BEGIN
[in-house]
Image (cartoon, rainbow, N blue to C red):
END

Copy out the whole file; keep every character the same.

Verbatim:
[in-house]
Image (cartoon, rainbow, N blue to C red):